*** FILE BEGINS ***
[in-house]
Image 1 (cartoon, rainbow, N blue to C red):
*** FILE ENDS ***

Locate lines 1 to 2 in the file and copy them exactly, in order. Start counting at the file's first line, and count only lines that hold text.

[in-house]
Image 1 (cartoon, rainbow, N blue to C red):